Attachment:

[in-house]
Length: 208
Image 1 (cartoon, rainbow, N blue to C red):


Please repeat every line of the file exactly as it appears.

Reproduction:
[in-house]
Length: 208
Image 1 (cartoon, rainbow, N blue to C red):